BART to participate in the Great California ShakeOut 2017
BART will participate in the Great California ShakeOut earthquake drill tomorrow, Thursday October 19, to test our emergency response systems and to help raise public awareness of the importance of having a plan and being prepared.
At 10:19 a.m., BART staff will trigger our early warning earthquake system to ensure it is functioning and working correctly. Once triggered, trains will automatically slow down to 26 mph. BART will also make a systemwide public announcement encouraging riders to be prepared for earthquakes. BART will also test our internal communications systems to notify employees and the operations control center will observe earthquake alarms and our train control systems to ensure they are working properly.
Early Warning Earthquake System
BART is an early adopter of the ShakeAlert system which is connected to seismic stations located throughout Northern California. When the alarm is triggered, the system sends a speed restriction command to trains. This system removes human response time and can even slow trains down before the shaking occurs depending on how far away the quake is centered.
Emergency Response Plan
BART has an Earthquake Emergency Response Plan and we hold several drills a year to ensure staff is trained and ready to respond. In the event of an earthquake, riders should listen for instructions from BART personnel. Employees are trained to evacuate the public from dangerous areas. Following an earthquake, BART trains are held in place (except for trains in the Transbay Tube and Berkeley Hills Tunnel) until it is determined it is safe to move the train to the nearest station where riders will be off-boarded.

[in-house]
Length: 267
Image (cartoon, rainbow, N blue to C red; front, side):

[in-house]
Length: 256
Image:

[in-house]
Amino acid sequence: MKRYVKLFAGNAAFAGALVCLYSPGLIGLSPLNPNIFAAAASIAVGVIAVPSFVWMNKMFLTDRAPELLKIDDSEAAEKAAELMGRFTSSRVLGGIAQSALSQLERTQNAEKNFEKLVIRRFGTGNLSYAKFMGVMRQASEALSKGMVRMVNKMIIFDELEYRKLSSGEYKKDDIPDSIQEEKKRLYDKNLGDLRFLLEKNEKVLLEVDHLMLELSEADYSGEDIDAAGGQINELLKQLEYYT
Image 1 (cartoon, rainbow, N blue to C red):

Earthquake Safety Program
BART has spent the last decade retrofitting vulnerable high traffic portions of the original system to make it safer in a large quake. The Earthquake Safety Program is funded in part by Measure AA, a $980 million general obligation BART bond approved by voters in 2004. The Program focuses on upgrading portions of the original system not only for life safety but also to ensure that we can return to operation shortly after a major earthquake. Last year the board approved a contract to complete the final stages of retrofitting work in the Transbay Tube. Work in the tunnel will begin in late 2018 and will take about 2.5 years. The entire project is expected to be completed in 2022.
Visit Shakeout.org for simple safety steps during earthquakes.